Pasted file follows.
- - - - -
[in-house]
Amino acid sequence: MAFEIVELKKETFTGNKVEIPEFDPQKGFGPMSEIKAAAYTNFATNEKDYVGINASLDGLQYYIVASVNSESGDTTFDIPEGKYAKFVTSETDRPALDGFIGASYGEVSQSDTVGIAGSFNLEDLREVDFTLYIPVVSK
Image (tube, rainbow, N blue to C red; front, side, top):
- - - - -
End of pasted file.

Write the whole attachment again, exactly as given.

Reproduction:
[in-house]
Amino acid sequence: MAFEIVELKKETFTGNKVEIPEFDPQKGFGPMSEIKAAAYTNFATNEKDYVGINASLDGLQYYIVASVNSESGDTTFDIPEGKYAKFVTSETDRPALDGFIGASYGEVSQSDTVGIAGSFNLEDLREVDFTLYIPVVSK
Image (tube, rainbow, N blue to C red; front, side, top):